Abstract 21615: Disparities in Access to Revascularization After Acute Myocardial Infarction (MI) Before and After the 2002 IOM Report
The Institute of Medicine (IOM) report published in 2002 showed that Blacks were less likely to receive coronary revascularization such as CABG and stents even after controlling for insurance, income and age. It recommended that increased awareness of disparities among health professionals is needed to reduce this.We hypothesized that increased awareness of ethnic disparities since this report would have translated to reduction in disparities in coronary revascularization.
Methods: A retrospective analysis was conducted using data from the AHRQ's National Inpatient Sample (NIS) 1998–2007(10 years). All patients with acute myocardial infarction during this period were identified. The proportion that received percutaneous intervention (PCI) during the incident admission was compared in different ethnicities over the time period. Multivariate regression for each year was conducted using Poisson regression with robust variances to account for the relatively high rates of revascularizations. The analysis controlled for gender, insurance status, co-morbidities and hospital characteristics.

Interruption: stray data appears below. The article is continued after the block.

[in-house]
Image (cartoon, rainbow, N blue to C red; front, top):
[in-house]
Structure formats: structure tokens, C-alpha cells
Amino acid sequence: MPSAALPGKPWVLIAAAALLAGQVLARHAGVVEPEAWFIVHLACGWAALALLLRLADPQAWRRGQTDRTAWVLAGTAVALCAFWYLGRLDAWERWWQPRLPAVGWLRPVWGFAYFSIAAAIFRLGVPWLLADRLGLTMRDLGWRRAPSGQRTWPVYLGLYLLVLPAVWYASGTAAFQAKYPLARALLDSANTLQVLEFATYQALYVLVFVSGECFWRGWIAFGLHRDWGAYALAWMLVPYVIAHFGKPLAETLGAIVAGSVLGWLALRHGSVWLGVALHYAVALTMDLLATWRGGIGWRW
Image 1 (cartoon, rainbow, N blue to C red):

Results: Based on the database, about 2.04 million patients were managed for acute MI from 1998–2007. The primary revascularization rate during the incident admission among Whites was 23%, Blacks−17.6% and Hispanics−21.4% [P<0.001 (Reference group — White)]. On multivariate regression, females were less likely to receive PCI. In 2001 (just before the report), Blacks and Hispanics were 27%(p<0.001) and 12%(p<0.001) respectively, less likely to receive primary PCI compared to Whites. From 2003 to 2007, Blacks and Hispanics were on the average 33%(p<0.001) and 19%(p<0.001) less likely to receive primary PCI for acute MI compared to whites.
Conclusions: Ethnic disparities in coronary revascularization persist despite the 2002 IOM report. More definitive measures need to be effected to reduce these disparities.
- © 2010 by American Heart Association, Inc.